‘Trust dentists and let them get on and do their jobs’

shutterstock_227475820Michael Watson reports from the Westminster Health Forum in his latest blog.

Once a year I am sent an invitation to the Westminster Health Forum, which runs a seminar on dentistry.

The forum is a place where policymakers in Parliament, Whitehall and government agencies can listen to key people within the dental world and discuss the issues of the day.

The topic of last week’s seminar was: ‘Priorities in dentistry, prototype practices, regulation and dental contract reform’.

Last week’s seminar opened with a powerful presentation by BDA chairman, Mick Armstrong.

He told the Government to trust dentists and let them ‘get on and do their jobs without the shadow of oppressive regulation and the current culture of fear’.

I have never known morale in the profession to be so low and to the concerns voiced by Dr Armstrong I would add uncertainty, both now and for the future.

Regulators

The regulators were at the seminar in the form of John Milne, from the Care Quality Commission (CQC) and Evlynne Gilvarry, chief executive of the General Dental Council (GDC).

John, still a practising dentist, sought to reassure the audience that the CQC had learned from its past mistakes and wanted to celebrate good practice.

No such reassurance came from Ms Gilvarry; the GDC was faced with a growing number of complaints about dentists and it was doing its best to deal with them in an outdated legislative framework.

NHS contract

A major cause for uncertainty and anxiety is the slow progress towards reform of the NHS contract.

In nine months’ time the contract, which is almost universally disliked, will be 10 years old, and it will be another four years at least before this autumn’s prototypes might be rolled out.

The seminar gave the profession no certainty about what awaits them, although some speakers gave glimpses about what might be ahead.

It will be based on prevention and the clinical pathway approach of the pilots; access and more access is what the Government wants to see; dentists will need to acquire more advanced skills, while dental care professionals take care of the less complex care.

The idea was floated that, far from being a broken contract, the Government regards the UDA system as delivering the goods and getting patients seen.

It seems there is uncertainty about whether the powers that be are really that keen on change.

5 Comments

  1. 1

    4 more years of pilots?
    Sorry, just ROFL-ing. It is with the biggest sense of relief that our practice said ‘thanks but no thanks’ to Bazza et al’s dogs breakfast of a Nectar Point system.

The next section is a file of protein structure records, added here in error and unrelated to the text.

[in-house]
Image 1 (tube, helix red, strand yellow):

I think we will have to organise a bit of a party in 2016 to celebrate 10 years free from the farce which is NHS ‘dentistry’.

  2. 2

    Dentists acquiring more complex skills is fine but the NHS contract will unlikely remunerate them appropriately for it.

    What’s the point of getting better at endo when the contract pays you peanuts for it and equates it to extracting and providing a denture. Why improve your denture skills when the labwork you get for NHS partials and fulls is a laughing stock anyway.

    What’s likely going to happen is dcps taking all this work from us and doing it on the cheap. We’re already paid like dcps so why not just replace us altogether?

  3. 3

    Wish I could wave bye bye as well but unless work in a particularly affluent area or city centre you’re stuck in the NHS. Patients won’t pay for private general family dentistry anymore when they can get treated by the guy up the road for a third of the price.
    They’re constantly being brainwashed by papers and politicians that the NHS is world class and if you want to charge someone privately you’re a greedy dentist driving a roller. Even which? who are supposed to be impartial were at it just a few weeks ago

    The future is grim unless dentists as a collective turn their backs on the nhs system.

  4. 4

    No1 No! NO!
    We are in North-East England. OK, so we were well established before the 2006 5h17-storm. But even so, anyone competent and decent will survive. The brighter ones stay with us. Most amusing of all are the buffoons who leave (and tell Denplan ‘left owing to value for money’!!!), THEN experience the full UDA-factory ‘service’ and crawl back. No discounts for them….. LOL….

  5. 5

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